Camille Paglia At Arion: Why Break, Blow, Burn Was Successful

Full post here.

A few positives:

—Paglia is intellectually deep, and someone of broad aesthetic understanding and experience.  She also enjoys good poems.  She has tirelessly criticized the professionalization of poetry and its move into academia (largely doing so from outside of academia).  In particular, she’s attacked the effects continental philosophers such as Foucault and Derrida have had on American Universities (though I don’t know how well literateurs ever understand philosophers and I don’t know if I would class Foucault and Derrida entirely as philosophers).

A few negatives:

—Her reasoning is not always sound, and like the metaphysics of the artists she reads closely, many of her ideas are unfounded and logically inconsistent.  Her Nietzschean influence also carries a lot of baggage (often dangerous) with it especially when taken from the aesthetic realm (though like H.L. Mencken demonstrates, that depth can translate into useful, trenchant and wickedly funny social criticism).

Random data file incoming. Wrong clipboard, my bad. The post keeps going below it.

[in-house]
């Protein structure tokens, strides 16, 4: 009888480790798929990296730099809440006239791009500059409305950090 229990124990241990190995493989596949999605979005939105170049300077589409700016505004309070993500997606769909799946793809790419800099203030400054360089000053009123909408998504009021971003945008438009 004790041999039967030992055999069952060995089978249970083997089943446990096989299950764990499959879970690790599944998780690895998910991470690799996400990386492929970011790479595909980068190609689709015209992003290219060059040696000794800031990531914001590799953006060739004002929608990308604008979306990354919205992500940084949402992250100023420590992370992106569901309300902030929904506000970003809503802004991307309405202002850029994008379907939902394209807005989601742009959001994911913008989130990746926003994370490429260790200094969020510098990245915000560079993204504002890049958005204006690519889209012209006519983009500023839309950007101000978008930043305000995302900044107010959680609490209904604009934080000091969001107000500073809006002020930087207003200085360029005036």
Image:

All told, I think Break, Blow, Burn rather successfully makes poetry accessible to millions of people to whom it wouldn’t otherwise be.  A lot of this success is acheived by something many other poetry popularizers are currently missing:  the potential of good art to transcend politics and current intellectual trends.

And perhaps more importantly in Paglia’s case:  the potential that good art criticism has to illuminate the many current social, political and intellectual trends that try and hold good art aloft for their own reasons…and maybe Paglia’s reasons as well.

See Also:  A Few Thoughts On Allan Bloom–The Nietzsche ConnectionCamille Paglia Answers Reader Letters: Democratic IdeologyHighbrow TimewasterDinesh D’Souza And Daniel Dennett at Tufts University: Nietzsche’s Prophesy

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